This article, authored by John Buchanan, discusses how the economic crisis is impacting the future of corporate governance.  While there are many players at fault for their contributions to the economic crisis, “many observers fault boards – the most important line of defense against corporate breakdowns – for a fundamental failure of oversight”. Boards are responsible for ensuring senior leadership has applied due diligence to their decisions and for asking what risks the company is exposed to as a result of those decisions. However, though boards have these responsibilities, boards in general “do not believe they are getting enough of the right kinds of information in order for them to effectively execute their responsibility of risk oversight”. The “post-crisis transformation of corporate governance” will be driven by risk assessment and management. Boards will need to assess management’s ability to reduce risk and determine if management is thinking broadly and carefully enough about risk. With this increased focus on management and business fundamentals, boards will also see increased demands on their time.

Roles between boards and management will be redefined with this increase in board oversight. “‘Top management will spend more of their time as stewards of risk,’ says Mark Goodburn, vice chairman at KPMG in New York. In addition, senior executives will have to articulate, both internally and externally, the implications of such risks in order to satisfy an increased demand for transparency and the need to benchmark against other companies.” Senior management will need to understand not just big-picture evaluations, but more details of their businesses. Management will also need to challenge their assumptions and decisions and cultivate an environment where challenging assumptions is acceptable to promote the long-term betterment of the company. Other changes that will likely occur include more frequent separation of the roles of CEO and chairman and decreased time for CEOs to sit on other companies’ boards, which may decrease their ability to benchmark their own organizations.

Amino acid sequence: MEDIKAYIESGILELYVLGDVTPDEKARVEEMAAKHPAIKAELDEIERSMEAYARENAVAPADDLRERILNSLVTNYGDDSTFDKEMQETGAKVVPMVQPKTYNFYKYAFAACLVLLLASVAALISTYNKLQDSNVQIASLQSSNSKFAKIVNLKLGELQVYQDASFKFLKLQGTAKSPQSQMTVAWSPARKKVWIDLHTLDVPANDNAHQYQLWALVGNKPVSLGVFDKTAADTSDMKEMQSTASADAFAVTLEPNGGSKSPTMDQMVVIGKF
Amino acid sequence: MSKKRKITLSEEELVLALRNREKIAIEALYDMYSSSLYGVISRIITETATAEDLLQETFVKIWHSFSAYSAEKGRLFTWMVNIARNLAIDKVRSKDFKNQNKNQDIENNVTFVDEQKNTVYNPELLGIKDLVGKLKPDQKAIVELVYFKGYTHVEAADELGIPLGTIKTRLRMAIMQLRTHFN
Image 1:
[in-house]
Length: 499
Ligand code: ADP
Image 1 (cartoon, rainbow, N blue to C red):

While there is need for changes in corporate governance, there is also worry that the government will limit and control compensation of senior management and otherwise regulate corporate governance, which could be detrimental to businesses and the public. Boards and top management are attempting to self-regulate their compensation structures to avoid congressional oversight. With the shifting balance of power between the board and senior management, executive compensation will be reassessed with boards likely imposing tougher pay-for-performance metrics and measurement and introducing clawback provisions on executive compensation. Many hope that aggressive, voluntary self-regulation by businesses will help avoid government intervention in this area.

One positive outcome of the economic crisis may be a fundamental paradigm shift from concern over short-term earnings to a focus on more meaningful measurements focused on market viability, long-term sustainability, and consistent profitability. A contributing factor to the economic crisis was that “outsized risks propelled enormous short-term revenues that fed top-executive compensation packages based on such near-term performance”. “The addiction to ever-better quarterly reporting fed the appetite for excessive risk that pushed the global economy to a dangerous precipice, says Steve Wagner, managing partner at the Deloitte Center for Corporate Governance in Boston, who adds that ‘driving short-term earning based on greater risk-taking is not consistent with long-term shareholder value’.” A more long-term focus by senior management in their decision-making could positively alter how business is conducted.

This abstract is based on the article “After the Storm” by John Buchanan in The Conference Board Review, March/April 2009.  Please contact the Conference Board Review or the author for a copy.

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ERM Enterprise Risk Management Initiative 2009-03-31